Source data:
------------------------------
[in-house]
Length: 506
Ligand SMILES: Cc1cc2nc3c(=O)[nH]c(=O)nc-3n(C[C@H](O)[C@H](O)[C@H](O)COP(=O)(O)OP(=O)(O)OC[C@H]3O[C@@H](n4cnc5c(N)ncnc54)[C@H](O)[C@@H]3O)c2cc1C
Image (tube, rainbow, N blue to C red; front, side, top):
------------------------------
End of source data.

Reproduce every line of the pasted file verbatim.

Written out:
[in-house]
Length: 506
Ligand SMILES: Cc1cc2nc3c(=O)[nH]c(=O)nc-3n(C[C@H](O)[C@H](O)[C@H](O)COP(=O)(O)OP(=O)(O)OC[C@H]3O[C@@H](n4cnc5c(N)ncnc54)[C@H](O)[C@@H]3O)c2cc1C
Image (tube, rainbow, N blue to C red; front, side, top):